On the evening of Tuesday, September 16, the Salt River Pima-Maricopa Indian Community’s Department of Health and Human Services’ Prevention and Intervention Program held the second annual Suicide Awareness Glow Walk. This walk brought together approximately 180 people who came out to honor those who have passed, help those who are affected to heal, and help to increase suicide awareness on the Community.
“We’re hoping to raise awareness to prevent suicide and take away some of the stigma about talking about suicide, because it is preventable. It’s really important that if our children are having problems, or if they feel depressed for more than two weeks, they should go and see a health professional. They are never alone, and there’s always hope and help. Teach them young,” said Community Health Educator MaryLynn Marshburn, who lost a nephew to suicide. Marshburn honored him at the walk.
Prior to the walk, Community members and non-Community members filed into the Opportunity Center to receive a glow necklace, a foam hand in which they wrote a positive message for someone they loved, and information about suicide prevention. All were encouraged by members of the Behavioral Health Services staff to talk to others if they have any problems or issues. SRPMIC Vice-President Martin Harvier and Council Representative Archie Kashoya were also in attendance to show support. Kashoya offered an opening prayer before the walk started.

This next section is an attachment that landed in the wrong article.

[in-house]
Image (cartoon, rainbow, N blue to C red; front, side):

“It’s really hard and emotional, especially when it concerns your children. When you hear your child ask you something, or they tell you not to do something, like ‘Stop that drinking’ or ‘Quit fighting,’ listen! Please. Sit with them. Don’t ever think you have the last say because you’re the parent or adult,” said Kashoya, who recently lost his son to suicide. He offered a heartfelt speech and continued to encourage Community members to love their children.
Inspirational messages were placed on the tables at the event and throughout the Community. Some of them included:
“Your feelings are normal—it will get better!”
“Failure is an event, never a person.”
“Your brain—a dangerous place to hang out too long alone.”
“There is always Hope and Help.”
After the walk, participants were provided a nice dinner. They mingled and learned that they knew of someone who had completed/attempted a suicide. They mentioned attending the walk to show their support for the Community and to let others know that they care.
“I came here for myself. I’m going through some hard times, and this event is helping me,” said a Community member who didn’t want to be named.
“I’ve had a brother-in-law pass recently to suicide. It hit really close to home. The warning signs were there, and he had a plan and he was following it. It was a huge blow for our family; it was tough. I came to show support for the Community and branch out to other events to show support for them as well,” said Community member Irwin Lewis.
“One of my nephews [completed a suicide], and I know someone who threatened it, but we talked him out of it. You’ve got to reach out and teach these kids. You’ve got to do everything you can to get to the kids because it is really tough out there,” said Hermena Grey.
“I was amazed how many people participated, even with the unsure weather forecast. Thank you to everyone who helped put on the event and who attended the event,” said Marshburn.
For more information about the Suicide Awareness Glow Walk, call Community Health Educator MaryLynn Marshburn at (480) 362-7327. (480) 362-7327.